The Biggest Mistake You're Making On Your Peloton

If you've joined the cycling phenomenon of Peloton, you already know it's more than your standard exercise bike. Back in 2019, The New York Times speculated that the striking black-and-red bike with the big screen might be just another at-home fitness trend, a notoriously fickle space. But then came 2020 — the year of at-home everything – and, well, let's just say the bike with the big screen isn't slowing its roll.

But whether you're just clipping in for the first time or heading for your next badge on the leaderboard, it's important to be aware of common mistakes that could be robbing you of your best workout, or worse, setting you up for injury.

According the Peloton Blog, incorrect form often starts before you even clip in, with the position of your seat. "So often riders are either too low or high or too far forward or back in the saddle," says instructor Christine D'Ercole. "These issues can cause discomfort in the joints, as well as muscle engagement imbalances and reduced efficiency."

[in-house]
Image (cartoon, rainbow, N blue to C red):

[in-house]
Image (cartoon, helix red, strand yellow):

When the seat is positioned correctly, there should be a slight bend in your knee, even on the downstroke. Fitness expert Kelly Chase told Aaptiv, "If you have a significant bend in your legs still when they're in the down stroke, or if they're completely straight, this means [that] you need to tweak the height of the seat again." 

Proper cycling form is key to a great and injury-free workout

SoulCycle instructor Alex Canter reminds Daily Burn readers to not let their feet and legs do all the work. The core is key. "Your core is where you'll propel most of your movements on the bike. Imagine an invisible string pulling you from the center of the body when you ride."

You'll also want to make sure you don't have a death grip on your handlebars while indoor cycling. Peloton instructor Robin Arzon suggests that if you feel tempted to white-knuckle the handles, it's probably a sign that you need to increase your resistance, which is about more than just making the ride tougher, it's a safety concern too. "Riding without enough resistance can wear on your joints, and cause injuries and discomfort," Arzon explains. "If you're bouncing around in the saddle or jerky with leg movements, add enough resistance until it feels like the rubber meets the road — it should feel gritty even on flat roads and during active recoveries" (via Peloton Blog).

Fortunately, most instructors remind their riders to check in with their form throughout class, so be sure to listen up. You might even want to place a full-length mirror in your workout room so you can check in on your form. But once your shoulders are down, your grip on the handlebars loose, and your feet and legs are in proper alignment, you're cleared for takeoff!